With opera composer Verdi’s three fateful knocks, the Charleston Symphony Orchestra opened the 2012-2013 season Friday with a theme of destiny and the heavens. Though it may seem a bold move to invite fate into a new hall with a guest conductor, the ensemble’s boisterous attitude and purposeful joy were evident in its presentation.
In the Sotille Theatre, the CSO played the first of three performances of Verdi’s overture to La forza del destino (The Power of Fate), Brahms’ Schicksalslied, and the ever-popular The Planets suite by Gustav Holst.
Conductor Michael Rossi’s often understated but adept style was especially strong in the overture, providing a knowledgeable interpretation of the brimming opener.
Immediately, the strings proved their limber athleticism and the brass presented a warm chorale. Particularly lovely was the clarinet melody accompanied by a harp duet in the middle of the overture, a taste of an aria on love.
Though the overture does not foreshadow the tragedy we would have witnessed had the opera followed, a Brahms choral work provided the somber dose Verdi’s narrative requires.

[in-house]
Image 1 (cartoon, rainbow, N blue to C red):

Like his Requiem, Brahms’s Schicksalslied (“Song of Destiny”) addresses sobering mortality with heavy, luxurious melodies containing nuanced key changes that add depth. Brahms set Friedrich Höderlin’s famous poem, “Hyperion’s Song of Fate,” which illustrates the gods’ exemption from fate’s hand juxtaposed with humans’ inability to escape its cruelty.
The composer was unwilling to conclude his work with Hyperion’s devastating message, so he reasserted the celestial bliss again at the end in instrumental form only, thereby keeping the literary form intact. The audience could approach the intermission with a sense of peace, despite the last sung words being, “Like water from boulder to boulder flung downward/ Year by year to the dark Unknown below.”
Articulating the text was the CSO Chorus, one of the many choral ensembles led by Robert Taylor. A group of local volunteers, the chorus presented a well-prepared and beautifully blended work. They were particularly responsive to the mood change in the final stanza, showing the ferocity Brahms found so unsettling.
Perhaps the most well-known piece on the program, Holst’s The Planets, constructs an aural playground for anyone whose curiosity ever propelled them outside the Earth’s atmosphere. With new realistic images provided by the Mars exploration rover to accompany the sound of the bringer of war, the menacing, rhythmic cadence built to a tense climax.
Throughout the suite, the violins continued to exhibit their meticulous precision, though several movements featuring the woodwinds felt a bit stale. For instance, in Venus, the final chord in the opening phrase should be a harmonic surprise, but if it is played complacently, the magic is dampened.
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